Did Cuba Pull Out of the Bronx Museum Deal Because of Trump?

It's only the latest delay in a controversial project.

The National Museum of Fine Arts, Havana. Photo by Roaming the World, via Flickr.

The Bronx Museum of the Arts’ controversial efforts to foster an artistic exchange between that borough and the nation of Cuba appears to have hit a major snag just days after the inauguration of Donald Trump, who has threatened to repeal Barack Obama’s executive order that was to thaw the freeze between the two countries.

The National Museum of Fine Arts in Havana has, at least for now, pulled out of an agreement to lend artworks for an exhibition at the Bronx institution, says the museum, adding that “both institutions remain committed to the partnership and to exploring future loans” from the Havana museum to the Bronx.

“We didn’t get a no from them[,] but we also didn’t get a final yes,” Bronx Museum director Holly Block told the New York Times, so the Bronx Museum will instead mount a show from its own collection, including examples by artists whose works were to be loaned from Cuba. Included in the show will be artists like Tania Bruguera, Los Carpinteros, Kcho, Ana Mendieta, and Wilfredo Prieto. The exhibition opens February 17.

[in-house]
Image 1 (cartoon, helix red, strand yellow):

The original, planned initiative included a show of works from the Bronx Museum that traveled to the Havana institution in 2015, and was to see 60 works by Cuban artists come to the Bronx. That initiative, “Wild Noise,” has not itself been without controversy. Several board members resigned in protest, saying, among other claims, that they learned only late in the process that Cuba might not release the works for fear that Cubans living in America who fled Castro’s dictatorship could sue for the objects in return for property expropriated by the Castro regime.

In December 2016, during the exhibition’s planning, came the dramatic announcement by then-President Barack Obama of a diplomatic thaw between the two countries, which was greeted with cautious optimism among Latin American art experts.

But now Donald Trump has taken office, and the Republican has offered shifting pronouncements about whether he would preserve the new opening or reverse it, as the Times reported in November, after the election. On November 4, Trump’s pick for Vice President, Mike Pence, had promised to repeal Obama’s executive order:

Representatives of the Havana museum were not immediately available, and Block told the Times that they did not indicate that the delay or cancellation was due to Trump’s election. Block was also unavailable to comment.

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